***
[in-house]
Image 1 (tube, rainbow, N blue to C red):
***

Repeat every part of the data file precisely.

[in-house]
Image 1 (tube, rainbow, N blue to C red):